From: John Max Skaller (skaller_at_[hidden])
Date: 2001-07-26 16:40:51
> --- In boost_at_y..., Daryle Walker <darylew_at_m...> wrote:
> > I don't think you realize that not
> > all types support the pre-qualifier form!
> You are right. I won't try to describe the parsing
> contortions my mind goes through mapping post-qualifiers
> on pointers into a pre-qualifier world.
I think you're having the same trouble
the committee did. The rule is that 'const' is always
associated with the pointer NOT the type: there is
no such type as 'const int'. There is no 'pointer to
a const int' either. What exists in reality is
a pointer-const to int:
where I put lots of white space to indicate what's
connected to what. Don't get confused like the committee
int const x = 1;
x is NOT a const int type. Its a ref-const to int:
int const& x = 1;
See? x has the SAME type in both cases.
void g(const int);
See? f and g have the SAME type in both cases.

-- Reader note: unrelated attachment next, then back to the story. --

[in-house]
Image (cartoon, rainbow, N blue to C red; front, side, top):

Its the ref or pointer which is qualified, NOT the
object type. If there's no pointer or reference,
cv-qualifiers are meaningless.
So the reason you write the const AFTER the type is
that you must put the word 'const' next to the thing
that it _actually_ qualifies, the * or & or implied &.
Putting it before the type as in:
const int *
is obviously very bad practice because the suggestion
is just NOT how the type system really works.
But you're in good company, even Bjarne got this wrong.
-- John (Max) Skaller, mailto:skaller_at_[hidden] 10/1 Toxteth Rd Glebe NSW 2037 Australia voice: 61-2-9660-0850 New generation programming language Felix http://felix.sourceforge.net Literate Programming tool Interscript http://Interscript.sourceforge.net
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